The German embassy statement expressed “deep concern” that images from the visit had been leaked to China’s Communist party controlled media, apparently by Chinese security services.
The “audio and video surveillance” – which has been reproduced by state newspapers such as the Global Times in an apparent bid to counter criticism of China’s treatment of the dissident – had been made “against the expressed wishes of the German side, which were communicated in writing prior to the visit,” the embassy said.
“It seems that these recordings are being leaked selectively to certain Chinese state media outlets. It seems that security organs are steering the process, not medical experts,” the statement added. “This behaviour undermines trust in the authorities dealing with Liu’s case, which is vital to ensure maximum success of his medical treatment.”
Following the visit of the two doctors, Jared Genser, a US lawyer who represents Liu and is lobbying for his evacuation, called on the Chinese president, Xi Jinping, to immediately free his client. He said Liu had expressed a desire to receive treatment in Germany or the United States, with hospitals in both countries ready and willing to take him in.
“President Xi should honour a dying man’s wishes to be able to leave China and to obtain better treatment that is available abroad,” and could extend Liu’s life by several weeks, Genser said.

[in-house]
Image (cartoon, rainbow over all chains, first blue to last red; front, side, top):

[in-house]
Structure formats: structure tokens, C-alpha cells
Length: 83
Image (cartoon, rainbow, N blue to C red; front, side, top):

“My view is that not only should this happen, but that this must happen and I also believe that there will be enormous pressure placed on President Xi from the international community to relent,” he added.
Hu Jia, a Beijing-based activist and friend of Liu’s, accused the hospital treating Liu of “slowing down the process” that could lead to his transfer overseas after the hospital released a statement saying the tumour had grown and his liver was bleeding. It said it was preparing for the possibility of taking him into emergency care and family members had been informed.
“It doesn’t show the patient’s situation has deteriorated to the point of falling off a cliff,” Hu said. “I’m not saying it’s not accurate, but the official purpose of today’s statement might be to respond to the foreign experts’ conclusions … [by] emphasising the deterioration of the disease.”
Hu voiced concerns that if there is further delay, “Xiaobo may fall into a vegetative coma state, until he eventually cannot get free.”
Liu was detained in late 2008 for his involvement in a pro-democracy manifesto called Charter 08 and found guilty of incitement to subvert state power – effectively working to topple China’s one-party state – on Christmas Day the following year.
In 2010 he received the Nobel peace prize for his “unflinching and peaceful advocacy for reform”. Unable to attend the award ceremony in Oslo because he was in jail, Liu was represented by an empty chair.
The Chinese artist Ai Weiwei is also among those calling for Liu’s release. “This is a historic mistake … this is going to be remembered the whole world,” he said on Sunday.
Suzanne Nossel, the executive director of Pen America, said “the Chinese government’s morality and humanity” would be tested by its decision to allow Liu to leave China or not. “There can be no more powerful indicator of Beijing’s respect for human dignity than their treatment of Liu Xiaobo in this time of need.”
Geng, the foreign ministry spokesperson, rejected the idea that the case of Liu Xiaobo was a “diplomatic question” and said China opposed interventions from foreign countries on the subject.
However, asked repeatedly if those statements indicated that China would refuse Liu permission to leave the country, Geng would not offer a direct response.
image : Liu Xiaobo and his wife, Liu Xia. Photograph: Provided